Honolulu Star-Advertiser

Thursday, July 18, 2024 85° Today's Paper

Top News

James Kent, chef who was building a restaurant empire, dies at 45

                                Chef James Kent at Crown Shy in New York, in June 2019. Kent, a distinguished chef and successful Manhattan restaurateur who seemed poised to become a food-industry tycoon, died on Saturday. He was 45.
Swipe or click to see more


Chef James Kent at Crown Shy in New York, in June 2019. Kent, a distinguished chef and successful Manhattan restaurateur who seemed poised to become a food-industry tycoon, died on Saturday. He was 45.

James Kent, a distinguished chef and successful Manhattan restaurateur who seemed poised to become a food-industry tycoon, died on Saturday. He was 45.

His death was announced by Saga Hospitality Group, the holding company of his two restaurants, Crown Shy and Saga, and his cocktail bar, Overstory, which are all in the same building in the Financial District of Manhattan. The statement did not specify where he died or the cause.

In 1993, when he was a 14-year-old growing up in Greenwich Village and already working at a restaurant, Kent’s mother made him knock on the door of their building’s newest resident — celebrity chef David Bouley. The young man asked if he could spend time in Bouley’s kitchen. Bouley said yes. He spent the summer working at Bouley, the chef’s TriBeCa mainstay.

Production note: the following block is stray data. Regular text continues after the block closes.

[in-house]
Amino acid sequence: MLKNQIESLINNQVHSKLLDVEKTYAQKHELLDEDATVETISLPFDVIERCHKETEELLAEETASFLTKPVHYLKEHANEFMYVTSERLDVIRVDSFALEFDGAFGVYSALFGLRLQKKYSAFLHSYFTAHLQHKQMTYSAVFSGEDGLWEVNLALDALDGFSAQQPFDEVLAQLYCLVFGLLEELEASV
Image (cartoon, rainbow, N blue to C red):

Before long, Kent was also working at famed New York City restaurants such as Babbo, Jean-Georges, Eleven Madison Park and NoMad, where he became the executive chef.

He opened his own restaurant, Crown Shy, in 2019 with a partner, Jeff Katz, the general manager of Del Posto, an Italian restaurant in Manhattan that closed in 2021. “At Crown Shy, the Only False Step Is the Name” read the headline of a “critic’s pick” review by Pete Wells, the restaurant critic of The New York Times. (The name refers to tall trees’ tendency not to allow their upper stories to grow entangled with the branches of their neighbors.)

Wells wrote that Kent’s dishes “regularly over-deliver.” He singled out for praise “an almost absurdly creamy purée of white bean hummus under a fiery red slick of melted ‘nduja;” a beef tartare with toasted walnuts and rye croutons; and oysters served with “cucumber jelly, diced cucumbers, grains of jalapeño and microleaves of purple shiso.”

Times restaurant columnist Florence Fabricant agreed, describing Crown Shy’s menu in a 2019 article as “eclectic and creative.”

Two years later, Kent gained four more stories in the same building, an art deco skyscraper at 70 Pine Street built in 1932.

Crown Shy occupies the ground floor; Floors 62, 63, 64 and 66 of the building were transformed from executive boardrooms for AIG, the insurance company, into Saga, Overstory and a private dining room. The space includes 12 terraces “with breathtaking views in every direction,” Fabricant reported in 2021. Saga’s “seasonal tasting menu” today costs $298 per person.

Crown Shy garnered one star from the Michelin restaurant guide. Saga earned two.

It was fine dining worthy of the European tradition, but with American casualness and the embrace of pop culture.

Kent played Wu-Tang Clan and the Notorious B.I.G. at Crown Shy. He eschewed a formal dress code. With his chef coat he could often be seen wearing expensive sneakers.

After years of doing graffiti while growing up, he became known as “a chef that’s also a wildly talented graffiti artist,” as Bloomberg reported in 2016. He was commissioned to do artwork at NoMad Hotel and restaurant tech company Salido.